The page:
ANSI/ASSP Z359 was originally a safety standard for general and non-construction industries. Originally published in 1992 and later revised in 1999, this standard was intended to be the first part in a series addressing comprehensive fall protection programs. This standard initially addressed only fall arrest systems and equipment. In 2007, ANSI released the ANSI/ASSP Z359 Fall Protection Code as the umbrella for a series of 17 fall protection standards.
These 17 standards address not just fall arrest systems and equipment, but all fall protection systems and equipment for general industry. To date, the ANSI/ASSP Z359 committee has released 10 of the 17 sections.
The ANSI/ASSP A10 standards apply to the demolition and construction industries. The construction industry standards cover important requirements for steel erection, scaffolding, fall protection, and safety nets. The demolition operating standards cover hoists for rope-guided and non-guided workers, debris net systems, commercial explosive and blasting agents, rigging qualifications, digger derricks, and hearing loss prevention.
ANSI/ASSP A10.32 is the standard for fall protection systems in construction and demolition operations. To date, the ANSI/ASSP A10 committee has released 37 standards in ANSI/ASSP A10 and has 9 standards that have been proposed but not completed.
So should your business follow ANSI/ASSP Z359 (general industry) or ANSI/ASSP A10 (construction and demolition industries)? The short answer is: refer to ANSI/ASSP Z359 for fall protection. Unlike OSHA, the existing ANSI standards do not define what constitutes construction or general industry. Although OSHA does define the construction industry and general industry, it is not always clear which one is applicable. Some businesses may even fall under different industry designations in different situations. For this reason, it is typically best to default to the standards of ANSI/ASSP Z359 to ensure both worker safety and standards compliance.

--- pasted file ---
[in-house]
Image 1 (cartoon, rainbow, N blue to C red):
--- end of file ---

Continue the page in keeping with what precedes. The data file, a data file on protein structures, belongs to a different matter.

Additionally, the ANSI/ASSP Z359 committee has proposed measures to make ANSI/ASSP Z359 applicable to all industries. If this transition were to take place, ANSI/ASSP A10 fall protection requirements would compliment or reference ANSI/ASSP Z359. As it stands now, ANSI/ASSP Z359.2 should be considered the most important fall protection standard to follow for any industry because it “establishes guidelines and requirements for an employer’s managed fall protection program.” ANSI/ASSP Z359.2 explicitly states, “This standard is for use by organizations where employees are exposed to fall hazards.” If you are unsure of which standard to follow, ANSI/ASSP Z359 is probably your best bet.